Maybe it’s because I’m now bourgy, but I absolutely consider the AC units in my house in DC a nonluxury. And I feel no need to define luxury against the poorest of the poor in the developing world, either– it is endlessly relative. I’m not going to reconsider the value of my access to electricity, the Internet, hot water, clean water, medicine, birth control, breast pumps and/formula, and, yes, AC, among many, many other things (all of which have associated gains and losses, and all of which can be said to serve to ‘remove’ us from the natural experience of our bodies and environments) because these things serve my ability to keep rising up the hierarchy of needs. But I would like to think that I am thoughtful about the my use patterns and their consequences.

    Do giant centrally cooled McMansions suck? Do office windows that don’t open and summertime cubicle temps that require a sweater suck? Does never opening the windows in your house suck? Does not thinking at all about how you are controlling your residential climate suck? I say yes. But there are a lot of responses to this post that are so ridic that I just have to chime in and throw a side eye their way.

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  3. Are there architectural/planning approaches to hot climates that don’t cost a lot in terms of energy or personal financial resources? Tree of Knowledge says we’ve already got them, but I’m a bit skeptical (do those cool public places literally have room for everybody in the lower half of the income distribution?); jlt’s comment is more in line with my sense that the poor just suffer more. But it’s a matter of some urgency to work toward a way of living that works for everybody without massive resource consumption….

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  4. Where I live it was over 100 degrees for 60 days straight last summer. I don’t really care if this area of the country was uninhabitable until the advent of AC, because I have a tenure track appointment at this university. I’m expected to produce during the summer, and that means when I’m at home the AC is set to 80 degrees, rain or shine.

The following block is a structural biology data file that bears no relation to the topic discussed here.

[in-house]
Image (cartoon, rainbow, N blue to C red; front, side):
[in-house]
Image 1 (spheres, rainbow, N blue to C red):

That said, I never had central air until I moved here. It is certainly possible to do without it in most of the places I’ve lived in US, above and below the mason dixon line, east and west of the Mississippi.

    One small comment though: central air is massively more efficient than a window unit. It is also easier to control the temperature effectively with central air, no hot/cold cycles. Window units are SO MUCH less energy efficient than central air.

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  5. I grew up in a small town in Mississippi without air conditioning. Here are some things that help:

    1)high ceilings
    2)fans
    3)screened porches

    Aiming a fan at yourself at night also keeps away the mosquitoes.

    You also appreciate the cooler days when they inevitably come much more without air conditioning.

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  6. On this class point that jlt and Tree of Knowledge raise, I’ve blogged about it over at my place b/c I do think there is an incredible amount of privilege abounding in a conversation about whether people should take on more suffering than necessary.